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Article

Piezoelectric Potential in Single-Crystalline ZnO Nanohelices Based on Finite Element Analysis

1
Key Lab of Advanced Transducers and Intelligent Control System, Ministry of Education and Shanxi Province, Taiyuan University of Technology, Taiyuan 030024, China
2
Department of Mechanical Engineering, University of Minnesota, Minneapolis, MN 55455, USA
3
Department of Applied Physics, The Hong Kong Polytechnic University, Hong Kong, China
4
School of Advanced Materials and Nanotechnology, Xidian University, Xi’an 710071, China
*
Authors to whom correspondence should be addressed.
Nanomaterials 2017, 7(12), 430; https://doi.org/10.3390/nano7120430
Received: 7 October 2017 / Revised: 8 November 2017 / Accepted: 1 December 2017 / Published: 7 December 2017
(This article belongs to the Special Issue ZnO and TiO2 Based Nanostructures)

Abstract

:
Electric potential produced in deformed piezoelectric nanostructures is of significance for both fundamental study and practical applications. To reveal the piezoelectric property of ZnO nanohelices, the piezoelectric potential in single-crystal nanohelices was simulated by finite element method calculations. For a nanohelix with a length of 1200 nm, a mean coil radius of 150 nm, five active coils, and a hexagonal coiled wire with a side length 100 nm, a compressing force of 100 nN results in a potential of 1.85 V. This potential is significantly higher than the potential produced in a straight nanowire with the same length and applied force. Maintaining the length and increasing the number of coils or mean coil radius leads to higher piezoelectric potential in the nanohelix. Appling a force along the axial direction produces higher piezoelectric potential than in other directions. Adding lateral forces to an existing axial force can change the piezoelectric potential distribution in the nanohelix, while the maximum piezoelectric potential remains largely unchanged in some cases. This research demonstrates the promising potential of ZnO nanohelices for applications in sensors, micro-electromechanical systems (MEMS) devices, nanorobotics, and energy sciences.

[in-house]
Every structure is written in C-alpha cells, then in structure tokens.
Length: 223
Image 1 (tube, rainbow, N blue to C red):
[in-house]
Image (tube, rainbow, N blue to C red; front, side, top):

1. Introduction